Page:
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Literacy Volunteers Provide Free Literacy and English Instruction


Part 1 of 3

Have you ever heard the saying, “Nothing in life is free?” Well, it turns out that Literacy Volunteers may just be the exception to this rule! I recently sat down with Meghen Fitzgibbons, ESOL Program Manager at Literacy Volunteers of Greater New Haven to hear firsthand about Literacy Volunteers and the wonderful work they do. In this first in a series of three blogs, Meghen talks about the history of Literacy Volunteers and the wonderful work they do around the country.

AccentAccurate: What is Literacy Volunteers all about? Who does Literacy Volunteers serve?

Meghen Fitzgibbons: ProLiteracy and Literacy Volunteers of America are the two national umbrella organizations that aim to oversee Literacy Volunteer activities. Their goal is to help two groups of people. The first group of people are native speakers of English who want to improve their reading skills. The second group are individuals whose first or dominant language is not English, and who want to improve their English language skills.

ProLiteracy and Literacy Volunteers of America assist in the formation of local chapters and affiliates around the country. These chapters and affiliates develop programs to address the needs in their local communities. Literacy Volunteers affiliates work hand in hand with state departments of education and adult education programs. They provide volunteers to assist teachers in adult education programs, or by offering classes that are actually taught by volunteers in order to meet the growing demand for literacy and English ESOL programs.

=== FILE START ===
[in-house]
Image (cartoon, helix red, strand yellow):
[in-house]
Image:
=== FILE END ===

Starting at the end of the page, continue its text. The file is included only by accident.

AA: What is the history of Literacy Volunteers?

MF: Literacy Volunteers was founded in 1974. For various reasons, some adults have not acquired functional reading skills. Literacy Volunteers affiliates offer programming that aims to help these individuals acquire the reading skills needed to be active and engaged members of society.

AA: What types of programs or classes does Literacy Volunteers offer?

MF: Literacy Volunteers offers two kinds of classes:

1. Basic Literacy Classes – Classes for native speakers of English who want to improve their reading skills. Classes are offered at various levels, from basic literacy to advanced readers.

2. English for Speakers of Other Languages (ESOL) – These classes are geared towards students whose first or dominant language is not English. Classes are available at a variety of levels, from beginner to advanced.

AA: What do students learn in class?

MF: In Basic Literacy classes, there is typically a set curriculum that incorporates research-based reading strategies for adult literacy learners.

In ESOL classes curriculum materials are typically available, but other resources may be incorporated as well. The goal is to cover relevant themes that people need to become familiar with when learning a new language. For example, going to the grocery store, communicating with your doctor, communicating with your child’s teacher, or just navigating the community successfully. Within these contexts, vocabulary and grammar are addressed. Some classes follow a structured curriculum, while other classes focus more on lessons that are custom-designed to meet the needs and goals of the students in that class.

AA: How long are students typically enrolled in Literacy Volunteers programs?

MF: Some students attend Literacy Volunteer classes for years, while others may come just for one session (approximately three months). We encourage consistent attendance, but we understand that circumstances beyond a student’s control may affect attendance.

AA: Does Literacy Volunteers offer help with accent and pronunciation?

MF: Materials and resources to work on accent and pronunciation are available, but typically there is so much material to cover that there isn’t always enough time to work on these areas.

Additionally, most tutors don’t have the background and the training to work on these areas. Nevertheless, students at more advanced levels often identify accent and pronunciation as areas they need help with.

Stay tuned for the our upcoming post on Literacy Volunteers, in which Meghen Fitzgibbons, ESOL Program Manager talks about the students and programs at the New Haven affiliate and all that makes it unique.

If you’re looking for help with accent and pronunciation, AccentAccurate offers a variety of coaching programs to help with accent awareness and modification. Please visit us at to see which of our programs is best suited for you!

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